"A Carcass"

In "A Carcass" Baudelaire mocks Petrarchan ideals of feminine beauty. (** See two of Petrach's early Renaissance poems at the bottom). What emerges is an amazingly complex imaginative universe that Baudelaire builds from a personal experience. Even if the contrast between the language of courtly love ("The gleaming golden curly hair, the rays / Flashing from a smiling angel's glance") and crude and obscene descriptions no longer shocks in quite the same way, certainly we still find striking the imaginative way in which he superimposes a swarming, vibrating new life onto the blurred outlines of a decaying animal carcass. Baudelaire was convinced that "every good poet has always been a realist," and he himself was a master of realistic details used for effects that go beyond conventional or photographic realism. Imagery in "A Carcass" is brutal. The poem's ostensible theme is familiar--carpe diem, "seize the day" or "think of the future and love me now, " since only a poet can preserve beauty-- but one has only to compare Yeats's poem "When You are Old" to recognize the harshness of this address to the beloved.

"A Carcass"' intends to shock the reader with its brutal description of an animal carcass swarming with maggots seen in a setting designed for love--"That beautiful morning in June." Moreover, the poet uses this carcass as a comparison with the woman he loves in a contrast of ideal femininity and physical mortality. Part of the poem's effect comes from the tension between horror and beauty, the past sight and the present address to the beloved. In the original French, the initial rhyming contrast between "my love" (ame--which appears at the end of the line in the original) and "foul" (infame) for "stones" is exacerbated. Both the positive and the negative are amplified, and the positive becomes an aspect of the corpse itself: "And the sky cast an eye on this marvelous meat / as over flowers in bloom." Rhyming "Bloom" (s'epanouir) and "swoon" (evanouir), the second half of the stanza contrasts with the first.

He pulls off a surprising poetic gamble, nonetheless, in transforming images of decay into images of new life, the hum of flies and maggots into the more acceptable music of caves, running water, wind, or a thresher winnowing grain. By this transformation, the poet has demonstrated the power of artistic imagination (eighth stanza) before returning to the cruder image of the hungry dog, and the final, aggressive emphasis on universal decay—inevitable for all but the art of poetry.

The final turn which contrasts the body of the beloved, whom the poem reduces from "soul" to corpse, with the achievement of the poet: "corpses of love" is not only a phrase denoting organic decay; it is also a key term in Baudelaire's aesthetics. In the "Salon of 1859" he argues that the Imagination is "queen of the faculties" because it "decomposes all creation" and with the "amassed materials" it "creates a new world." In the poem, the process of "giving back" to Nature all that it had joined together produces a new flowering and a "strange music." The corpse becomes a "sketch" left for the artist to finish "with memory's aid." Baudelaire's criticism warns against directly imitating nature and urges instead recourse to "memory." The poem thus offers further insight into what "fleurs du mal" might be. Their beauty is difficult, to achieve it may be a dreadful task that takes all the writer's energy: one's soul threatens to faint along the way.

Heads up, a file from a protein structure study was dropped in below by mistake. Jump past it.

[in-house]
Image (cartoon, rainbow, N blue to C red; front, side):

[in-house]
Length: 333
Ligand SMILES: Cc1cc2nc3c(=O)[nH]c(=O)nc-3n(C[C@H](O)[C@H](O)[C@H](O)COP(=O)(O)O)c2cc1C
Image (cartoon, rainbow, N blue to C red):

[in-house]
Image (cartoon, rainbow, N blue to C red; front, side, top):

The poem recalls medieval verse in its contempt of the flesh, and even more closely baroque poems (such as Andrew Marvell's "To His Coy Mistress") that seek to win a lover through exploitation of religious sentiments, but the end strikes a new note.



"She Used To Let Her Golden Hair Fly Free"

She used to let her golden hair fly free

For the wind to toy and tangle and molest;

Her eyes were brighter than the radiant west.

(Seldom they shine so now.) I used to see

Pity look out of those deep eyes on me.

("It was false Pity," you would now protest.)

I had love's tinder heaped within my breast;

What wonder that the flame burned furiously?

She did not walk in any mortal way,

But with angelic progress; when she spoke,

Unearthly voices sang in unison.

She seemed divine among the dreary folk

Of earth. You say she is not so today?

Well, though the bow's unbent, the wound bleeds on.

"The Eyes That Drew from Me"

The eyes that drew from me such fervent praise,

The arms and hands and feet and Countenance

Which made me a stranger in my own romance

And set me apart from the well-trodden way;

The gleaming golden curly hair, the rays

Flashing from a smiling angel's glance

Which moved the world in paradisal dance,

Are grains of dust, insensibilities.

And I live on, but in grief and self-contempt,

Left here without the light I loved so much,

In a great tempest and with shrouds unkempt.

No more love songs, then, I have done with such;

My old skill now runs thin at each attempt,

And tears are heard within the harp I touch.